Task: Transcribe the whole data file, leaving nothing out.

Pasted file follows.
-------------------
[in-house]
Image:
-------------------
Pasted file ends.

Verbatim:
[in-house]
Image: